Innovate or stagnate. There is always a better way to do your work, and find it before someone tells your boss about it. When the playing field is level in terms of quality, speed and cost, your competitive advantage is from new and creative ideas and solutions.

Look beyond the classroom. The old rules of success say you should not stop learning. The new rules say productive, useful education takes place in the real world, not simply in the classroom.

Learn the technology of business and the business of technology. You need to know both: (a) technology and how it helps you do your job faster, better and more productively; and (b) the business and monetary aspect of technology.

Be lucky. Luck comes when you are well-prepared.

Overcome the fear of failure. Many people never succeed because they never try. They never try because they fear they will not succeed; so they stuck themselves in a vicious cycle. Successful men tried and failed and tried again and succeed. They have hooked themselves to a virtuous cycle.

Perception is reality. You think, therefore you are. There is no “real” you or permanent self, only an aggregate of your feelings, thoughts, will power, words and deeds. People treat you based on this perceived aggregate. That’s why successful individuals are careful to create the right perception about themselves (known as personal “branding”).

Make quality your policy. If you want to succeed, do not turn in shabby work. Nobody accepts poor quality any longer. There’s too much competition nowadays (consider your co-workers as competitors in your career advancement). That’s why successful companies and individuals deliberately factor in quality in whatever they offer.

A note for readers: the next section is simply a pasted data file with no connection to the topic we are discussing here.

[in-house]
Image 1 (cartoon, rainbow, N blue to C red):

Combine Reason with Intuition. If everything in life is logical, this world will be gray and static indeed. Intuition sparks creativity, innovation and daring, but must be built on practical reason.

Think lattice, not ladders. Career success today is no longer just moving up the ladder. Now, there are more lattices than ladders that allow you to achieve success not by simply moving upwards, but by moving sideways and diagonally, too.

Tap into other people’s brain power. Even Augustus Caesar, the first emperor, depended on his partner Mark Anthony to defeat their enemies and establish the Roman Empire. Successful individuals depend on the expertise and knowledge of a huge number of other people to be successful.

The customer is usually wrong, but make them feel appreciated, anyway. The customer is always right, is an urban legend. But whether your customers are right or wrong, listen to them, understand their needs and problems, and offer solutions that meet these needs. That’s all there is in appreciating the customer.

Watch your back. As you shine, others will envy you. Be alert.

Act responsibly for your own future. Do not abdicate responsibility for your success to your ma or fairy godma. Nobody cares if you succeed; but when you fail, the whole world will gloat.

Be enthusiastic. Work hard, work smart, and work enthusiastically. It’s easier to forgive someone for his mistakes at work when he is known as an enthusiastic worker.